tail off

tail off
phrasal verb [intransitive]
Word forms "tail off":
present tense I/you/we/they tail off he/she/it tails off present participle tailing off past tense tailed off past participle tailed off
tail off or tail away to become quieter, weaker, or smaller

Her voice tailed off.


English dictionary. 2014.

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Look at other dictionaries:

  • tail off — To become gradually less or fewer • • • Main Entry: ↑tail * * * ˌtail ˈoff [intransitive] [present tense I/you/we/they tail off he/she/it tails off …   Useful english dictionary

  • tail-off — UK US noun [countable] [singular tail off plural tail offs] the process of slowly becoming smaller in amount a tail off in profits Thesaurus: rates of decrease and the process of decreasing …   Useful english dictionary

  • tail-off — tail ,off noun count the process of slowly becoming smaller in amount: a tail off in profits …   Usage of the words and phrases in modern English

  • tail-off — UK / US noun [countable] Word forms tail off : singular tail off plural tail offs the process of slowly becoming smaller in amount a tail off in profits …   English dictionary

  • tail off — PHRASAL VERB When something tails off, it gradually becomes less in amount or value, often before coming to an end completely. → See also tail away [V P] Last year, economic growth tailed off to below four percent... [V P] The drug s effect does… …   English dictionary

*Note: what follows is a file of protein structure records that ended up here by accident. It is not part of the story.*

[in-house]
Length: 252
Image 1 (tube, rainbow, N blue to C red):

• tail off — phr verb Tail off is used with these nouns as the subject: ↑voice, ↑word …   Collocations dictionary

  • tail off — to gradually lessen. Sales of new cars always tail off when people are worried about losing their jobs …   New idioms dictionary

  • tail off — tail away her voice tailed off Syn: fade, wane, ebb, dwindle, decrease, lessen, diminish, decline, subside, abate, drop off, peter out, taper off; let up, ease off, die away, die down, come t …   Thesaurus of popular words

  • tail off — verb to gradually subside or diminish; to tail away …   Wiktionary

  • tail off — v. tail away, diminish gradually, wane, subside gradually, fade …   English contemporary dictionary

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